Week in Review
Top highlights this week include: The benefits of bright light for hospital patients; lung cancer patients live longer with immune therapy; Barbara Bush had a strong Mayo Clinic connection; when Alzheimer’s should be diagnosed; and transplanted livers help body defend against organ rejection, Mayo Clinic study finds.
Top highlights this week include: Night owls have 10% higher mortality risk; exercise cuts heart risks; Mayo Clinic searching for answers as heart disease increases in younger women; Mayo Clinic, NBC launch show on personal health; and Lynch syndrome and genetic testing.
Top highlights this week: Surgeon General urges more Americans to carry opioid antidote, eating pasta linked to weight loss in new study, St. Charles Health Care in Oregon picks Mayo Medical Laboratories as testing partner, many in U.S. take more calcium supplements than necessary, and Mayo Clinic orthopedic physicians see music as medicine.
Top highlights this week: Newfound “organ” could be the biggest in your body, rising obesity blamed for 23,000 cancer cases every year, Mayo’s medical school ranked NO. 6 by U.S. News, gene testing moves cardiomyopathy analysis forward, and genetic testing to enhance multiple myeloma treatment.
Top highlights this week: FDA moves ahead with historic plan to reduce nicotine in cigarettes, stem-cell transplant game changer for MS patients, safety of essential oils, colon cancer steadily decreasing, and why early clinical trial results may offer false hope.
Top highlights this week include: A fatal disease is striking dentists, Minnesota begins universal spinal muscular atrophy screenings for newborns, molecular testing for thyroid cancer can reduce unnecessary surgeries, daytime drowsiness increases risk of Alzheimer’s in elderly, and the flu season never really ends.
Top highlights this week include: Teens who use e-cigarettes exposed to toxic chemicals; why Apple, Amazon, and Google are making big health care moves; Type 1 diabetes is no longer just for kids; study finds cancer survivors are at higher risk for heart failure; and is it a cold or allergies?
Top highlights this week include: Scientists work to find new flu vaccine, pediatricians call for universal depression screening for teens, bad genes don’t mean you are doomed to heart disease and early death, why the flu makes you feel so miserable, and heart failure more likely for some breast cancer and lymphoma survivors.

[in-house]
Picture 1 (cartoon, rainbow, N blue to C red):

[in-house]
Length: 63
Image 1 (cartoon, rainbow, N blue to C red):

Top highlights this week include: The most germ-ridden places in your office, excessive alcohol use linked to early-onset dementia risk, Mayo Clinic CEO on why he’s stepping down, you may have “self-itis,” and state grants boost Alzheimer’s research on Mayo Clinic’s Florida campus.
Top highlights this week include: Measles cases in Europe tripled last year; chemicals in packaging, carpets, and non-stick pans may contribute to obesity; raised troponins at sepsis may predict mortality; venetoclax demonstrates activity in multiple myeloma; and what to do if you have the flu.
Top highlights this week include: Food may influence cancer spread, breast cancer treatments can raise risk of heart disease, Mayo study finds weight loss can be achieved by standing instead of sitting, hot tea linked to esophageal cancer in smokers and drinkers, and the flu versus the common cold.
Top highlights this week include: Global cancer survival rates improve, but wide gaps remain; if it’s not the flu, you might be sick because of this virus; physician burnout; avoiding the cold or flu from your partner; and new international practice guidelines for tamoxifen treatment based on CYP2D6 genotype.
Top highlights this week include: Air quality is leading environmental threat to public health; virus shown to be likely cause of mystery polio-like illness; Mayo Clinic unveils new, stronger MRI machine; 9 things you need to know about thyroid cancer; is it too late to get the flu shot; and blood test to detect 8 cancers early gives promising results.